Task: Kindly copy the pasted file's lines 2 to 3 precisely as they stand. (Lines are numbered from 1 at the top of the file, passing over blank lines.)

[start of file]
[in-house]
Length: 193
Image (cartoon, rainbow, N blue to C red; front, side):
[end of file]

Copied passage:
Length: 193
Image (cartoon, rainbow, N blue to C red; front, side):